Possibly the most powerful person in Canada’s book publishing industry at the turn of the twenty-first century and certainly the country’s most prominent Jewish businesswoman, Heather Reisman was born in Montreal and educated as a social worker at McGill University. Her father, Mark, was a real estate broker; her mother, Rose, owned a clothing store; her brother, Howard, operated a computer company. After Reisman’s first marriage ended, she switched careers, following her family into business. Reisman joined Howard’s company in an executive capacity. After moving to Toronto, she co-founded Paradigm Consulting, of which she was the managing director for seventeen years. For a short time she served as president of Cott Beverages, a pioneer private label bottler of soft drinks. Later she experimented with marketing fresh, ready-to-cook foods through a firm called Now! Foods.
In 1995, Reisman was invited to become a “frontline investor” for Borders, the American book retailer, which was planning to enter the Canadian market. When that venture failed to receive the required federal regulatory approval in Canada, Reisman entered big box book retailing on her own with Indigo Books. She was backed by the Onex Corporation, one of Canada’s largest and most successful conglomerates, which was controlled by Gerry Schwartz (b. 1941, Winnipeg, Manitoba), whom she had married in 1982.
Since its founding, Indigo has grown rapidly. Through mergers and the hostile takeover in 2001 of Chapters, Inc., its much larger competitor, the firm has achieved a near monopoly position in the retail book trade in Canada and employs some five thousand people across the country. Reisman has described Indigo as “a haven for booklovers, a candy store for the mind and a spa for the soul, and a haven for the heart.” Although until 2002 Indigo was reported never to have shown a profit, Reisman and Schwartz were said in 2001 by Canadian Business to be the thirty-fifth richest family in Canada, with a net worth of approximately eight hundred million dollars.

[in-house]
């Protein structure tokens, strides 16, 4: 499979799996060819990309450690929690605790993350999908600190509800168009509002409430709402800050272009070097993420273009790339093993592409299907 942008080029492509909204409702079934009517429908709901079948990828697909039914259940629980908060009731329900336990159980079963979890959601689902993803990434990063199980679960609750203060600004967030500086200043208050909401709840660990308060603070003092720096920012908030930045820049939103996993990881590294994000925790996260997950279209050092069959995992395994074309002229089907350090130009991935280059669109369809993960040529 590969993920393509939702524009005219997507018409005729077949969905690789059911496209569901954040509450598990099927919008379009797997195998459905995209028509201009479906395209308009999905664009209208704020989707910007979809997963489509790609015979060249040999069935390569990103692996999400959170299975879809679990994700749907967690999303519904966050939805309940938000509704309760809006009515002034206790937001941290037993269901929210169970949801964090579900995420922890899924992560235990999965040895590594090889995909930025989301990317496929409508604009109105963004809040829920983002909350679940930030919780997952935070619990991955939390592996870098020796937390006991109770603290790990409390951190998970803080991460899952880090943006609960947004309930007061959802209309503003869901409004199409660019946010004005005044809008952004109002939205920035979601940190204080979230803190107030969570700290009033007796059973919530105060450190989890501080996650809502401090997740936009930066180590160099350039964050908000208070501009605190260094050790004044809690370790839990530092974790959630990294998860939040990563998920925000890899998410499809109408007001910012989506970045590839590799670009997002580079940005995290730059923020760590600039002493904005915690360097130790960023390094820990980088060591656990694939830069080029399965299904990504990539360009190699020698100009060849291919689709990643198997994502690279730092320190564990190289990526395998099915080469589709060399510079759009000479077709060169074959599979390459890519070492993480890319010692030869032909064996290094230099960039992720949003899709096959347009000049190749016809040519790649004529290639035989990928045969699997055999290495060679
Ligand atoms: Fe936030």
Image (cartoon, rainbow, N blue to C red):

Reisman closely guards her privacy and that of her family, which includes two children from her first marriage and two step-children. She is, however, known for an opulent style of life with homes in Toronto, Florida, and California. She is equally well known for generosity and commitment to the community. Together with her family, she endowed the Heather Reisman Chair in Perinatal Research at the University of Toronto. She and her husband established the Gerald Schwartz/Heather Reisman Centre for Jewish Learning at Holy Blossom Temple, of which they are members. The Centre sponsors an annual series of lectures. They have also given major gifts to Mt. Sinai Hospital and the Legacy Fund of the United Jewish Appeal/Federation in Toronto, to Harvard University and to other charities. Reisman has served as a governor of the Toronto Stock Exchange and of McGill University.
In addition to charitable giving, Reisman has shown sensitivity to Jewish concerns in the conduct of her business. A rabbi serves as a buyers’ consultant to Indigo and some of the stores feature appearances by authors of books of Jewish interest. At her direction, Indigo in 2001 removed Mein Kampf from its shelves, sparking controversy around the issues of censorship and hate literature.